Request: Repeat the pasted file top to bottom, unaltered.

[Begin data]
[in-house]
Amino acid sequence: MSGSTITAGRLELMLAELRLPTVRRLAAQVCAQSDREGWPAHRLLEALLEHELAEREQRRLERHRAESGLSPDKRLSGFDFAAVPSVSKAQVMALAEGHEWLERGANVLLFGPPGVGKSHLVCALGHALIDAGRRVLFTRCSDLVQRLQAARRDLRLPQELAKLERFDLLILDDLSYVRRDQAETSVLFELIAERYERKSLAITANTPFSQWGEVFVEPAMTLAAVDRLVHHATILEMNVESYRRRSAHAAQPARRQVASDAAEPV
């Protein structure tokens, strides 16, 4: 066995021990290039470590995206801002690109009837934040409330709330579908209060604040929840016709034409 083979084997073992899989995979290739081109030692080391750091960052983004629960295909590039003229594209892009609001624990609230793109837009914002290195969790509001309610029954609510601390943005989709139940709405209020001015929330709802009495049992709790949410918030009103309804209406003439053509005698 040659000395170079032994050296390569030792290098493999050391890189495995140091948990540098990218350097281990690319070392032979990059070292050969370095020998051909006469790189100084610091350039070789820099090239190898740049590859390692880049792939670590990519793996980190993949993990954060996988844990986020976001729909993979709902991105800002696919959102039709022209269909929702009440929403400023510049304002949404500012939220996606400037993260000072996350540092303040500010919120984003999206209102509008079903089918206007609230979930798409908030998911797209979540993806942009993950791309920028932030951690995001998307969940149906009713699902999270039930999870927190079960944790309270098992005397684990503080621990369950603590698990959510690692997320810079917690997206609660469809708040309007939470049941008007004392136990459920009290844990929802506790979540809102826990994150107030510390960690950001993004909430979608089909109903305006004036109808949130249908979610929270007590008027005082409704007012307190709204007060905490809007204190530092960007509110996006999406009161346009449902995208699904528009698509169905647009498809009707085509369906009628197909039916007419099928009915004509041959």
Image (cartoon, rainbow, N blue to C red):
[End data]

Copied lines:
[in-house]
Amino acid sequence: MSGSTITAGRLELMLAELRLPTVRRLAAQVCAQSDREGWPAHRLLEALLEHELAEREQRRLERHRAESGLSPDKRLSGFDFAAVPSVSKAQVMALAEGHEWLERGANVLLFGPPGVGKSHLVCALGHALIDAGRRVLFTRCSDLVQRLQAARRDLRLPQELAKLERFDLLILDDLSYVRRDQAETSVLFELIAERYERKSLAITANTPFSQWGEVFVEPAMTLAAVDRLVHHATILEMNVESYRRRSAHAAQPARRQVASDAAEPV
């Protein structure tokens, strides 16, 4: 066995021990290039470590995206801002690109009837934040409330709330579908209060604040929840016709034409 083979084997073992899989995979290739081109030692080391750091960052983004629960295909590039003229594209892009609001624990609230793109837009914002290195969790509001309610029954609510601390943005989709139940709405209020001015929330709802009495049992709790949410918030009103309804209406003439053509005698 040659000395170079032994050296390569030792290098493999050391890189495995140091948990540098990218350097281990690319070392032979990059070292050969370095020998051909006469790189100084610091350039070789820099090239190898740049590859390692880049792939670590990519793996980190993949993990954060996988844990986020976001729909993979709902991105800002696919959102039709022209269909929702009440929403400023510049304002949404500012939220996606400037993260000072996350540092303040500010919120984003999206209102509008079903089918206007609230979930798409908030998911797209979540993806942009993950791309920028932030951690995001998307969940149906009713699902999270039930999870927190079960944790309270098992005397684990503080621990369950603590698990959510690692997320810079917690997206609660469809708040309007939470049941008007004392136990459920009290844990929802506790979540809102826990994150107030510390960690950001993004909430979608089909109903305006004036109808949130249908979610929270007590008027005082409704007012307190709204007060905490809007204190530092960007509110996006999406009161346009449902995208699904528009698509169905647009498809009707085509369906009628197909039916007419099928009915004509041959």
Image (cartoon, rainbow, N blue to C red):